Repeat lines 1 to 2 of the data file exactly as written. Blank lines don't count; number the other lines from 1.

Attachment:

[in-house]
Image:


[in-house]
Image: